Why do you think 10kΩ is too high?
What would be the consequences of a high value resistor?

11. ### DannyKemp Thread Starter New Member

Jun 23, 2014
16
0
Well the circuits I've been looking at the gate resistor always seem to be a lot lower rated than the gate-source resistor. And I guess the value is all dependent on the mosfet rating, like I said I am fairly new to all this and one thing ive still got to get my head around is numerical values and reasoning in circuits. Which is why I was wondering if there's a basic calculation to work out the ideal resistor between the gate and source. I have included a link to the datasheet of the mosfet I was looking at if anyone could help explain to me the method for determining the correct resistor I would be very grateful.

Datasheet

12. ### MikeML AAC Fanatic!

Oct 2, 2009
5,451
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What voltage is the power source? 12V battery?

How many HP or what is the motor starting current? Motor running current? Stall current?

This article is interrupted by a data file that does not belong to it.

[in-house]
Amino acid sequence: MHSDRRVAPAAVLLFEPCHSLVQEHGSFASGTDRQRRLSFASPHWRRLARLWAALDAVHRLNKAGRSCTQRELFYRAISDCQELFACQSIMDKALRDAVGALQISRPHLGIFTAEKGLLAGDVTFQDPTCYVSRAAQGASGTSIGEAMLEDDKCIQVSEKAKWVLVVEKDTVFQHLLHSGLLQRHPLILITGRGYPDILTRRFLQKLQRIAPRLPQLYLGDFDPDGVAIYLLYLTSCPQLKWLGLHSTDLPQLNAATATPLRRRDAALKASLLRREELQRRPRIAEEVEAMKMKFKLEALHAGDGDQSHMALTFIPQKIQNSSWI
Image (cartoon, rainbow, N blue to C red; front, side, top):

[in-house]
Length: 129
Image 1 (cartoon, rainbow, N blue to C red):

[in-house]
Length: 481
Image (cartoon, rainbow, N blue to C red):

How often are you turning the motor on/off?

Is this a PWM application?

What is in the control box?

What voltage/waveform does the control box deliver to the gate of the FET? rise time? falltime? source current? sink current?

You see, the resistors come into play only when we know a lot more about what you are trying to do...

13. ### shortbus AAC Fanatic!

Sep 30, 2009
4,095
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As a second level newbie I don't understand this statement on the gate resistor. All the app notes say the gate resistor should be somewhere between 10 and 50 ohms not in the k ohm range. My understanding is the gate resistor is only needed to prevent gate 'ringing' at turn off. The higher the amps available at turn on is good, turns on the gate capacitance faster. Have I misinterpreted this? Many of the IRS mosfet data sheets show the resistor value in them for different voltage and current levels in the mosfets and they almost never go above 50 ohms for a gate resistor.

14. ### wayneh Expert

Sep 9, 2010
12,382
3,241
It's about speed. If you are using a MOSFET as a switch at 1Hz or below, there's no need for a massive gate current. A higher value gate resistor can help avoid surges elsewhere in your circuit. The MOSFET will dissipate heat during slow switching, but this is not a huge problem if the slow switching is a small percentage of the cycle.